Achieving Success With BroadbandIn the almost 16 years I have been involved in the cable and satellite industry, I have never seen the kind of turmoil that is taking place. If there is any good news, and there is, I would have to say that opportunity exists everywhere.
And "opportunity" was part of the name of the Cable & Telecommunications Association for Marketing show I attended in October: the CTAM Broadband Opportunity Conference, held in Santa Clara, CA. The conference was the first broadband-focused show hosted by CTAM.
The following are key questions from the show:
• How do you make money?
• How do you retain or grow your market share?
• What do you do to keep the Internet and other competitors from taking your television viewers?
Familiar solutions. The most important question being asked by cable operators and programmers is, with all of this new technology, how do you make money?
When the dust settles, the answer is, the same way you have in the past. Cable operators and programmers will review products and opportunities, form alliances and, right or wrong, they will deploy their services. Success, i.e., profitability, will depend on how effectively you market and advertise new products and services.
What's important now is that those in the industry are clearly asking for direction, but that shouldn't be too surprising given the complexity of the new products being deployed.
New tools for new problems. Retaining or growing market share will be a challenge, according to a panelist at the conference. In his presentation he said that he sees broadband offering new choices for the television viewer, but he didn't think that the viewer was going to watch more television.
The outcome is obvious, but let's do the math anyway: More content with the same number of viewers means fewer eyeballs on each program. So promoting a television show just got more expensive per viewer.
The challenge for both advertising and marketing agencies is that they will have to learn about the new technology associated with this phenomenon and develop a strategy that allows them to more efficiently promote a television program. The tools to accomplish this do exist, and tool is the key word.
The Internet provides access to server-based intelligence -- databases -- and this allows for the capability to direct market or target your advertisement more effectively. In addition, server-based applications have been developed that can be combined with Internet advertising techniques to allow television broadcasters to more effectively target market to their viewer base.
The secret sauce of advertising on the Net. What I envision for advertising and marketing agencies is a new flexible prototype style of marketing and advertising where multiple, simultaneous campaigns can be developed and tested to identify the most effective ads. The advertising campaigns can be monitored and replaced or phased out quickly, thus making the campaigns more effective and responsive to market changes -- a sort of "smart advertising."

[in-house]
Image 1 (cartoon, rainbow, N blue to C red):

The ability to make quick and frequent changes that exists on the Internet is unlike print advertising, where once you go to press, the ad is unchangeable. Online ads can be modified almost instantly, more frequently and at a cheaper cost. This prototype smart advertising concept is the secret sauce that advertising and marketing agencies will have to develop and exploit to help television programmers stretch available advertising dollars.
Cannibalization. At the conference, television programmers talked about having to drive users from their current programs to their new programs or Web sites, in effect cannibalizing their current viewing base. It is thought that if programmers don't do this, they risk a competitor stealing users away with more enticing programming.
If you combine these new tools with the profiling capabilities that have been developed by companies like AdForce or DoubleClick, then effective measurable advertising is possible.
It's hard to say whether this type of advertising is more cost-effective than previous methods, but at least now the results can be accurately measured. Advertisers will know exactly how many ads were placed, where they were placed and when they were placed. Not to mention, who used them and how many of them were actually used to access a program.
In time, the cost of this new advertising medium will be driven down, but for now learning how to use it is what's important.
• Tom Romero is vice president of business development at Set-Top.com, San Diego. Reach him at firstname.lastname@example.org.